[Repost with minor modifications form gregladen.com]
As indicated in a press release by the National Center for Science Education, the National Council for the Social Studies has released a position statement on Intelligent Design.
...There have been efforts for many decades to introduce religious beliefs about the beginning of life on Earth into the science curriculum of the public schools. Most recently, these efforts have included "creation science" and "intelligent design." Following a number of court decisions finding the teaching of creationism and intelligent design in the public school science curriculum to be unconstitutional, there have been efforts to introduce these beliefs into the social studies curriculum....
The American Heritage Dictionary (2007) defines intelligent design as the "belief that physical and biological systems observed in the universe result from purposeful design by an intelligent being rather than from chance or undirected forces." Attempts to introduce this doctrine, originally termed "creationism," then "creation science," and most recently, intelligent design," into public school curricula have been found unconstitutional in state and federal courts....
These decisions have struck down state attempts to interfere with the teaching of evolution in the public school science curriculum....
Because federal courts, to date, have ruled against the teaching of creationism and intelligent design in the science curriculum, an approach called "critical analysis" has been introduced to get around these decisions. This approach seeks to incorporate what the courts have ruled to be religious belief into the public school curriculum by contending that public schools should take a critical view of the theory of evolution. In this critical view, particular attention is to be focused on any uncertainties in the fossil record as well as what are contended to be examples of "irreducible complexity." This view then introduces intelligent design as an explanation addressing these uncertainties.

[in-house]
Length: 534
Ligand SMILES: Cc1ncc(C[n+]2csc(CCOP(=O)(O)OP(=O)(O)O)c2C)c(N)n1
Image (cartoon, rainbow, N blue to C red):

This "critical analysis" approach to teaching intelligent design has attracted political support in several states and districts. It was a motivating force behind former Senator Rick Santorum's unsuccessful attempt to include a statement that evolution was a controversial scientific theory into the original No Child Left Behind legislation. It has also figured prominently in the much-publicized battle over the treatment of evolution in the Kansas science standards. In Ohio, the state board of education has suggested that although a critical analysis of the theory of evolution with the teaching of intelligent design should not be put into the science curriculum, "social studies appears to be a good fit" (Columbus Dispatch, September 2002).
Rationale for Recommendations